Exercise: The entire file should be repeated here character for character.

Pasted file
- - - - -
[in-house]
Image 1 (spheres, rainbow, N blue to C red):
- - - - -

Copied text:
[in-house]
Image 1 (spheres, rainbow, N blue to C red):